Basically: Please don't rehash the same old "gotta save the glee club" plotlines again and again. Please.

  • The hell is up with Sue? She's psychotic and delusional, she's compassionate and helpful, she's sexist, racist, and cares for her mentally challenged sister. She destroys the glee club, she saves the glee club. She hates Will, she loves Will, she thinks glee club is a waste of time, she thinks Will is a great teacher and is doing good things with the kids. There is a fine line between "hilariously crazy" and "confusing and frustrating for the viewer", and Sue is inching over that line. Of course, no one is entirely good or entirely evil, especially not on this show--that's one of the reasons I enjoy it. But I just want to know what kind of evil Sue represents, or if she's still threat to the glee club at all now that she is singlehandedly responsible for its continued existence. Please don't let her wackiness become your excuse for explaining gaping plot holes. "Because Sue is crazy" only works so many times, and you've milked it pretty steadily already.
    Basically: Sue is not your "get out of logic free" card.

  • Watch your -isms. Okay, first off, credit where credit is due: Kurt's father is easily one of the greatest dads on TV, and his reaction when Finn referred to Kurt's decor as 'faggy' was perfect. The handling of Kurt's sexuality has been, by and large, pretty great. He's a fabulous sparkly stereotype in some ways, but when it comes down to it he's still an awkward, learning, and incredibly endearing teenage boy who just happens to be fabulous, and the fact that he's gay doesn't usurp his personality. It's a part of who he is, but it's not the only part of him we see. Well done there. As for your treatment of the other minority characters, particularly within the glee club itself... Well, I know a lot of people have some issues with it. And they aren't wrong. You sort of gave everyone a sideways wink regarding the whole situation at one point, having Sue recruit all the non-white kids, who complained about being ignored. Clever. And then you went right back to the love triangles involving the pretty white kids, who also got the bulk of the solos (please, oh please don't turn it into the Lea Michele Glee Hour; she's got a beautiful voice, but she isn't the only one). Amber Riley got a few songs, and can be relied upon to wail soulfully in the background while Lea Michele sings the main melody, but Jenna Ushkowitz is nearly invisible. Again, these actors are talented and capable, and it's damn near criminal that their potential is being ignored. Here's the thing: The racist things characters might say or do are not as important as how you, the writers, treat the non-white, non-straight, non-ablebodied characters. That's what we're picking up on. It's not Sue's outrageously awful statements, it's the fact that Mercedes has an amazing voice and is constantly being shoved in the background. The treatment of most of the women in the series improved throughout the season, which impressed me. Terri had serious problems, but it's clear that she, personally, is disturbed, and not an example of all women. Emma grew a spine. Rachel is clearly a bit off-kilter, but by the end of the series, she seemed less cold and calculating than the Rachel of the first episode who lied to get a teacher fired for inappropriate conduct. Quinn, throughout most of the series, actually came off as a normal, even fairly mature teenage girl. After the random property damage Mercedes inflicted on Kurt's car, she became much more easygoing. The use of the paralyzed character was awful. Bonus points for using an actor who actually was paralyzed from the chest down, but having him there just to serve as a one-time lesson for Rachel? Ugh. I'm torn on the casting of Kevin McHale, who is ablebodied, as Artie, who uses a wheelchair. On the one hand, why not cast a paraplegic actor to play the character? On the other hand, I have absolutely no idea how many singing paraplegic actors who can pass for teenagers are roaming around Hollywood, or if the writers/directors/producers knew for certain Artie would be in a wheelchair when they were casting. I know last-minute changes were made; Kurt's role was added after he auditioned because he was just that awesome. So, yeah. I love that his issues aren't glossed over (him telling the other kids that no, it really sucked that he couldn't ride the bus with them, was good), I love that he got a romantic interest--one who, while she did start looking into ways to 'fix' him, only did so after he expressed a desire to dance, and was pretty clear that she really likes him regardless of whether his legs work.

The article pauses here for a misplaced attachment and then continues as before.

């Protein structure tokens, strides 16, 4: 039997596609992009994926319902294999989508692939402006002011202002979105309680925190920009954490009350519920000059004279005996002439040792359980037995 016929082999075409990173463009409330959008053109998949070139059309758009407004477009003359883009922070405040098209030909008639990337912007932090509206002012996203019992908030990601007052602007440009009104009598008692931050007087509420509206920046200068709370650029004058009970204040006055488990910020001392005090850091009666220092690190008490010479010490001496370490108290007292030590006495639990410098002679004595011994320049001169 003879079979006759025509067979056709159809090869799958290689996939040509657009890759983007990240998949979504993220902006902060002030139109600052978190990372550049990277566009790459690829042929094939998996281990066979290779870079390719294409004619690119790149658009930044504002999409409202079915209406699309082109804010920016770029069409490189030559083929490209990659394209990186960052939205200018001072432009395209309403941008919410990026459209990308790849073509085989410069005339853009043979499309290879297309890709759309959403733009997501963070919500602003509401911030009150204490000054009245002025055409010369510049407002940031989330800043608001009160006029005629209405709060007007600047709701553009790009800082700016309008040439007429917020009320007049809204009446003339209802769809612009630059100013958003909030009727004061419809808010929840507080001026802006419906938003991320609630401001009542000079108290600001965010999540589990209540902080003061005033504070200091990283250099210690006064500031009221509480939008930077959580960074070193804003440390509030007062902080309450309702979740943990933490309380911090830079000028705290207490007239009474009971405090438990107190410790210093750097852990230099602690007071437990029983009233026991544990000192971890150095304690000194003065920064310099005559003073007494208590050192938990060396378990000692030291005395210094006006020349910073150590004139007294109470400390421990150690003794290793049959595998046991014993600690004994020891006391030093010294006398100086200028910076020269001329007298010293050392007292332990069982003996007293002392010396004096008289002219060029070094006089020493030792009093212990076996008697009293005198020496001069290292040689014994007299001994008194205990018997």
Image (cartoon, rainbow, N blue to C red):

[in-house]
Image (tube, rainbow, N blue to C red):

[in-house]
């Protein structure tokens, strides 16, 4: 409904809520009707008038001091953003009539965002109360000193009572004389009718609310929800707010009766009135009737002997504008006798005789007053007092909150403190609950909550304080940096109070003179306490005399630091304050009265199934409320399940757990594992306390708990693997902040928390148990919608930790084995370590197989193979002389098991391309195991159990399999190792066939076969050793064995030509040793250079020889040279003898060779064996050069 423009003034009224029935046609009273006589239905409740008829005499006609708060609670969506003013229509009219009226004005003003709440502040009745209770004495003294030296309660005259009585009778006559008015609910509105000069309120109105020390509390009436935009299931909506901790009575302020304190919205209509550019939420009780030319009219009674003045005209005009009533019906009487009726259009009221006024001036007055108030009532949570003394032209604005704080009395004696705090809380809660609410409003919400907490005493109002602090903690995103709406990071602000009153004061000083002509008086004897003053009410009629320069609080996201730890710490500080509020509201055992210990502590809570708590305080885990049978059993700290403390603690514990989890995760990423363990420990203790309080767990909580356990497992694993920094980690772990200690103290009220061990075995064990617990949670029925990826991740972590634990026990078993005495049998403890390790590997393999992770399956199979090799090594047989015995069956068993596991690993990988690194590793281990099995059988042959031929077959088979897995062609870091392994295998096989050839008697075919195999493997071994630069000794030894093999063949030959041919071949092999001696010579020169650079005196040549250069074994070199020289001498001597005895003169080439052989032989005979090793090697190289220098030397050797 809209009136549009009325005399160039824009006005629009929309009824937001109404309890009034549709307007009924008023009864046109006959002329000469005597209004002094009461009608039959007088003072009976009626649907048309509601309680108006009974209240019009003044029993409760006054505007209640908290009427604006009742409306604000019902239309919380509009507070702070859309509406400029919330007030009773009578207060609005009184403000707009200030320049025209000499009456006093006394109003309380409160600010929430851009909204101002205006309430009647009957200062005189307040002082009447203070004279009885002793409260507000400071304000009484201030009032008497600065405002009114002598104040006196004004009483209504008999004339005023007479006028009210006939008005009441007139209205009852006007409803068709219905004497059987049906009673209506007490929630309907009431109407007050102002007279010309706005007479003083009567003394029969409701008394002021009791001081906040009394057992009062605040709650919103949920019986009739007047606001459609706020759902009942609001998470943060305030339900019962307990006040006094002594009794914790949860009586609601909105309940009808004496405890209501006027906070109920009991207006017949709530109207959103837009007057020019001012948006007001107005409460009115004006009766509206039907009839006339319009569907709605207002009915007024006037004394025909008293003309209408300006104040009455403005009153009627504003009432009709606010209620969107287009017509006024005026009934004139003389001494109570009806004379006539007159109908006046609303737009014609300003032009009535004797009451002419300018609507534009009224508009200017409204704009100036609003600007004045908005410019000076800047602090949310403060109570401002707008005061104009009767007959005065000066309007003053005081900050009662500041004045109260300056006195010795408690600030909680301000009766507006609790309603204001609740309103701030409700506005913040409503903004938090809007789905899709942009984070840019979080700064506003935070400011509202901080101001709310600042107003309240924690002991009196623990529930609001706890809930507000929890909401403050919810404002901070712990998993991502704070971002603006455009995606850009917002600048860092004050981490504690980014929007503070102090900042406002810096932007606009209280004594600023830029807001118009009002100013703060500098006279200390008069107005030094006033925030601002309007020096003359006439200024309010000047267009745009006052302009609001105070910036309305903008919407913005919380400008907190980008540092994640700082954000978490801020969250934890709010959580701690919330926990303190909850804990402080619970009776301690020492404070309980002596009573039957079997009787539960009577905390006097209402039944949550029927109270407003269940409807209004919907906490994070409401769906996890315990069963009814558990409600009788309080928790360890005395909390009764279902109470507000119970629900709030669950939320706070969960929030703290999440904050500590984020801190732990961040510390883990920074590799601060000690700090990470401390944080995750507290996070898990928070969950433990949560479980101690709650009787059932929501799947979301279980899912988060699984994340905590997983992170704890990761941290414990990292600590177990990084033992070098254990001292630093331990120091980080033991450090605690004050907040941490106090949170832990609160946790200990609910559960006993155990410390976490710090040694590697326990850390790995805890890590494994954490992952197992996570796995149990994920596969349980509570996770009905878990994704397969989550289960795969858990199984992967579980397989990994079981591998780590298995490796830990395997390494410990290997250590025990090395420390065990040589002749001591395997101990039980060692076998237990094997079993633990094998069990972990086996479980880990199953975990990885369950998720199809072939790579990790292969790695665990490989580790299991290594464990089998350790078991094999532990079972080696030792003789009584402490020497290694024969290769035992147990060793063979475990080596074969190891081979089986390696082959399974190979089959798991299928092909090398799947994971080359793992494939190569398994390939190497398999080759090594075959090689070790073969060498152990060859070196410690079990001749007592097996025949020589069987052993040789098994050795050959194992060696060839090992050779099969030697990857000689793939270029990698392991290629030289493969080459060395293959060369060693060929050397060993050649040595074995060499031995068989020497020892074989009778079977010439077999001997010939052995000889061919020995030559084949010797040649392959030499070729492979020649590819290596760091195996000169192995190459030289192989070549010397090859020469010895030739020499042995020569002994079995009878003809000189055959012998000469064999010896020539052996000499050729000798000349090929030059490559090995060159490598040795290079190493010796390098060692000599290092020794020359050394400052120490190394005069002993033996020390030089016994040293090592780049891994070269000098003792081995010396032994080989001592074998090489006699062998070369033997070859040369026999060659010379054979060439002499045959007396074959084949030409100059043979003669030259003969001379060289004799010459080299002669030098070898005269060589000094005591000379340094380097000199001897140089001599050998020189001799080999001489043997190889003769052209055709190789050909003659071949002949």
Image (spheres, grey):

Basically: You get some things right, you miss the mark elsewhere. Don't joke about it, don't ignore it. It's so easy to fix!

Dear GOD I have far too many opinions on a silly little television show. This is what happens when I don't have a hobby.

*I am not actually a professor of anything.
**I am aware some of you may well think the show is awful already. This list is based on the assumption that it is not. You may deal.
***I pick on him a lot, but I rather like him as Finn. The character is not supposed to be very bright, but is basically a good guy, and Monteith does that pretty well. Also, he's kind of adorable in a goofy, overgrown sort of way. He pleases me. He may stay.
Tags: glee